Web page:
Will Seippel | October 30, 2023

Health specialist Dr. Wendie Trubow mycotoxins health hazards
Health specialist Dr. Wendie Trubow (left) answers how those dealing with antiques can take precautions, although the nature of treasure hunting leads to potential health hazards like toxin exposure.

As collectors and pickers know, finding great antique treasures may lead you to some damp and dusty locations. But rooting around in these places with poor ventilation and without protection may be a greater risk than you realize.

Earlier this year, I came across an extraordinary ninety-pound collection of paper collectibles and ephemera that had long been kept in a basement. But this find came with a cost—I wound up in the hospital with cardiac complications likely due to mold exposure from dealing with the papers in an enclosed space.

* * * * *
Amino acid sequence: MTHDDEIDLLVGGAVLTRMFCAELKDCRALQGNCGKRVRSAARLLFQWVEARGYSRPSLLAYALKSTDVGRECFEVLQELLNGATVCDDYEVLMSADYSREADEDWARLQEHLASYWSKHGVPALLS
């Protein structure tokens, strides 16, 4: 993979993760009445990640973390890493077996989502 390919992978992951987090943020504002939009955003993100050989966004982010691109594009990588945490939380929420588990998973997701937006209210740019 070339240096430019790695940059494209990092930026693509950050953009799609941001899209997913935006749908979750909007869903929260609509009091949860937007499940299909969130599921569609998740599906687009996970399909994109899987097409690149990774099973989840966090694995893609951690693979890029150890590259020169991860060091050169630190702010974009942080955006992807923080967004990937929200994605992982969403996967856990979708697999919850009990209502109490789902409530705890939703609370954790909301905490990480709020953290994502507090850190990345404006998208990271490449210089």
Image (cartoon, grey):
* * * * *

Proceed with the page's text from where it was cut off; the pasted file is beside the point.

Luckily, in a recent conversation with health specialist Dr. Wendie Trubow, I got the chance to learn all about these “mycotoxins” found in mold and mildew and how collectors and pickers can best protect themselves from them. As Dr. Trubow and I discussed, you may not even be able to see these health hazards before they begin to negatively impact you. Just keeping an eye out for black mold spores is not enough—mycotoxins can accumulate in your body without you even knowing.

Listen to our entire conversation and Dr. Trubow’s tips and tricks for safely handling antiques here.

Will Seippel is the CEO and founder of WorthPoint, the world’s largest provider of information about art, antiques, and collectibles. Individuals and organizations use WorthPoint, an Inc. 500 Company, to seek credible valuations on everything from cameras to coins. WorthPoint counts the Salvation Army, Habitat for Humanity, and the IRS among its clients.